Let’s Celebrate By Eating So Much We Feel Sick!

I’ve been thinking a lot about manna lately.  For a fun project called G-dcast!, I’ve been studying the parsha in which we first read about manna – that mysterious substance that is like coriander seed but also is supposed to taste differently for everyone, based on your age (honey for small children, bread for youths, and oil for the elderly, according to Wikipedia).

But here’s my favorite thing about the manna: It might be pretty common knowledge that you’re not supposed to take more manna than you can eat in one day – except on shabbat – but have we really thought that through?  If you do take extras on any regular day of the week, and there are leftovers, it gets rancid and maggoty overnight.  But on Shabbat, there won’t be any manna, so you are supposed to take manna for two days on Friday morning and it won’t go bad overnight.  So, that makes sense, moving on.  But stop – think about it.

And then read more below the fold!The Israelites flee Egypt.  The first thing they do once they’re past the Red Sea is complain about bitter water in the place they’re camping.   Next, there’s the manna.  Then, there’s no water at all and Moses has to make water flow from a rock.  And then there’s a battle with Amalek, and then Moses is reunited with his wife, and then Moses judges the people AND THEN they go to Sinai…where they get the Ten Commandments, one of which is, of course, Shabbat.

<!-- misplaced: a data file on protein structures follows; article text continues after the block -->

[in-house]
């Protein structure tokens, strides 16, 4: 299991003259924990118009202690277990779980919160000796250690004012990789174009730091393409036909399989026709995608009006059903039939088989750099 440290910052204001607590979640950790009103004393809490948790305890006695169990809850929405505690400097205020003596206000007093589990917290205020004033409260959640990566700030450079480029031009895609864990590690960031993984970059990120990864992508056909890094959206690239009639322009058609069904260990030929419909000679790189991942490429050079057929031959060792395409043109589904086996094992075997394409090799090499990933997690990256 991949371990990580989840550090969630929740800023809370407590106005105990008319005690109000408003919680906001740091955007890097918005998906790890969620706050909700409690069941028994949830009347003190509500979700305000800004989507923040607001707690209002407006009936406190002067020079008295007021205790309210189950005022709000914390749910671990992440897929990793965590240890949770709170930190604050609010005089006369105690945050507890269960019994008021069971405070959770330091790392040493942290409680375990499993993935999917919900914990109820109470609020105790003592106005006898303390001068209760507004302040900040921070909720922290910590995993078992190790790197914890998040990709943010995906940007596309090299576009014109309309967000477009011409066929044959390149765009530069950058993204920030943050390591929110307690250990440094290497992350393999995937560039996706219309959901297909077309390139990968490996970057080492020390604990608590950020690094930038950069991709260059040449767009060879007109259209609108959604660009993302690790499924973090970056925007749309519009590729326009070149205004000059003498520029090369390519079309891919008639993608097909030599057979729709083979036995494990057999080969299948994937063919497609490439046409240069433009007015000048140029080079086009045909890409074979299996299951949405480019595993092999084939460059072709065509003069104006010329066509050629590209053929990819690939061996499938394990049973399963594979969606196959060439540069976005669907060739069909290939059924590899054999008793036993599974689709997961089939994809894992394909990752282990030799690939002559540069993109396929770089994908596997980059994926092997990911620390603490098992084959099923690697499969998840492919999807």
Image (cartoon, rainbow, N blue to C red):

So, before the Israelites even officially “get” shabbat, they get shabbat – through manna, through food.

If you’re reading The Jew & The Carrot, you’re probably already into food, but whoa, I think this is big.  It’s all about the food.

Last week, over here at the Hazon offices,  we had a conversation about healthy food.  We all shared our food weakness (which, for the record, was a term disputed by some) and one person named Shabbat as a food weakness: “You sit down at the shabbat table, and you eat EVERYTHING in sight.  You give yourself permission to eat a ton and to eat food that you wouldn’t regularly eat, because, ‘It’s Shabbat!  The calories don’t count!’

“Buuuuuut, why should we relax and celebrate by eating food that we shouldn’t, by abusing our bodies?

A lot of people seem to be talking about this:The kids over at Mixed Multitudes, the My Jewish Learning blog, are all about food today. In one post, Jeremy takes issue with an advice-column answer in the OU’s magazine that gives tips on how to continue your dieting on Shabbat.  Jeremy’s response to the OU is that he loves Shabbat because of the challah!  (Of course, I don’t disagree with that, and I have definitely eaten more than my fair share of challah: it’s my job!)   In another post, Jeremy wonders why there’s no good, cheap, kosher bar in New York City.  Anyone know of one for him?  And in another, slightly food-related post, Tamar replies to a “Salon” letter about the insecurity of letting people who don’t use the buzzer on shabbat into the building.

Lots to think about!

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